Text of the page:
When taking live events online, Zoom and related video conferencing apps are usually discussed in terms of how they can approximate—but never replace—pre-pandemic social gatherings. We hear about the fatigue that is building as we meet our peers day after day in grids of virtual squares. We muse about a supposedly impending future when we will be able to meet in person again. New opportunities for encounter, however, tend to be overlooked or understated.
A good example from my glocal Austin context would be the Indie Meme Film Festival, which just brought its annual fest online for the second spring in a row. Indie Meme has been organizing Q&As with South Asian filmmakers that would not have been possible pre-pandemic. While virtual Q&As within theater spaces were common in the past, such a peripheral use of video conferencing technology highlighted the distance of the speaker from the event itself. There is a democratic nature to "Zoom space" that affords new levels of interactivity and engagement. Speakers and audience confront one another from the same position, no matter where they are in the world.
Indie Meme’s use of the Filmocracy platform for their second virtual festival this year meant a bit more separation between speaker and audience than last year’s use of Zoom, however this distance came with new dimensions of spatiality and intimacy. During the event, attendees could gather at virtual tables to discuss the films they had just seen. Later, when the platform switched to Q&A mode, these attendees could be called "on stage" to pose questions they had entered into the chats. Technological features and their uses continue to evolve.
This is not to say virtual encounters are superior to, or can ever replace, meetings in person. Indie Meme’s Q&As suffered from disconnections, lag, and audiovisual issues that required clever workarounds and the patience of everyone in attendance. However, when the technology is made to work by those who leverage it, possibilities emerge for not just sustaining communities, but bridging them in new ways. It is essential that we seriously consider the affordances (Evans et al., 2017) of accessibility and interactivity that have arisen through the adoption of video conferencing technologies. Who will continue to use these technologies and when will they be used? Will they expand access to traditionally elite, cosmopolitan experiences? These are important questions as we potentially transition into a post-pandemic era.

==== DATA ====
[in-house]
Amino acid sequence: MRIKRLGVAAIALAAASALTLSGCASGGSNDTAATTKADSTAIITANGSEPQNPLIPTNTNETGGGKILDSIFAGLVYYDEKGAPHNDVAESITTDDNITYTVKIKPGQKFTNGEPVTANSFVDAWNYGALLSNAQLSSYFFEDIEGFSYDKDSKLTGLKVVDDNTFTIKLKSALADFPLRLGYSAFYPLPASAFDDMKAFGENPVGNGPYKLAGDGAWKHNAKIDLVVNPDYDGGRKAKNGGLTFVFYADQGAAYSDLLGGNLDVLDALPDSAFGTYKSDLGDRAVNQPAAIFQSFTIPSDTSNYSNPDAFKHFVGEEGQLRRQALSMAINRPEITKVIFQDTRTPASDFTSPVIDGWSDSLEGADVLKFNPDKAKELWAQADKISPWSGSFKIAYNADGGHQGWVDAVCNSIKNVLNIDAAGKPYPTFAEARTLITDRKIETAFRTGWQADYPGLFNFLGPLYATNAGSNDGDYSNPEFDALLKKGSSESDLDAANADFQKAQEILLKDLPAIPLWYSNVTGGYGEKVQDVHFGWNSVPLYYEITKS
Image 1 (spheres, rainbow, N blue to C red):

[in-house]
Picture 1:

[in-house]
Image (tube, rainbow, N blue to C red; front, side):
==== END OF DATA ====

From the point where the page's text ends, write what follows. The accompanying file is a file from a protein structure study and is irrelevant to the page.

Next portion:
Indie Meme 2020 Closing Ceremony (source: the author) Indie Meme 2021 on Filmocracy (source: Indie Meme) Q&A Lobby Chat @ Indie Meme 2021 (source: Indie Meme) Indie Meme 2021 Opening Film Q&A (source: the author)
For more on Indie Meme, visit the festival's website or check out this Austin Chronicle article.
Evans, S. K., Pearce, K. E., Vitak, J., & Treem, J. W. (2017). Explicating affordances: A conceptual framework for understanding affordances in communication research. Journal of Computer-Mediated Communication, 22(1), 35-52.
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